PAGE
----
A recent analysis of treatment options for patients with mixed-phenotype acute leukemia (MPAL) suggests favorable outcomes may be obtained with frontline therapy using a chemotherapy regimen usually administered to patients with acute lymphoblastic leukemia (ALL) and without hematopoietic stem cell transplantation (HSCT). Results of this analysis were published in Cancer.
In this central review of MPAL outcomes, the Children’s Oncology Group Acute Leukemia of Ambiguous Lineage Task Force studied a cohort of 54 patients aged 1 to 30 years with diagnoses of MPAL who were enrolled in clinical trials involving ALL or acute myeloid leukemia (AML) treatments.
Induction therapies typically consisted of ALL treatment regimens, AML treatment regimens, or a hybrid of both approaches. A variety of postinduction treatment options, with or without HSCT, were also included.
Patients with MPAL who were given ALL (72%) or AML (24%) induction treatments did not significantly differ from each other in reported baseline characteristics.
End-of-induction complete remission was achieved by 72% of patients treated with an ALL induction regimen and by 69% of patient given an AML induction regimen.
Among all patients in the cohort, the 5-year overall survival rate was 77%; among patients who received ALL chemotherapy without HSCT, the 5-year overall survival rate was 84%. The 5-year event-free survival rate was 72% for the total cohort and 75% among those who received ALL chemotherapy without HSCT.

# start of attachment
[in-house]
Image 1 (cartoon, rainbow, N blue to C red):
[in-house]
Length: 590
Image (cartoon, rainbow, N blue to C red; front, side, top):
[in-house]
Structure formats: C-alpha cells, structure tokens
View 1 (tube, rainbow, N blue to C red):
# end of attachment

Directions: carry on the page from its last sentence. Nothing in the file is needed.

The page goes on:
The researchers stated that their findings “demonstrated that durable remissions are possible for a subset of patients with MPAL receiving ALL chemotherapy without HSCT consolidation.” They also described a forthcoming prospective clinical trial that will test a minimum residual disease-guided treatment approach with ALL therapy and without HSCT in patients with MPAL.
- Orgel E, Alexander TB, Wood BL, et al. Mixed-phenotype acute leukemia: A cohort and consensus research strategy from the Children’s Oncology Group Acute Leukemia of Ambiguous Lineage Task Force [published online October 29, 2019]. Cancer. doi:10.1002/cncr.32552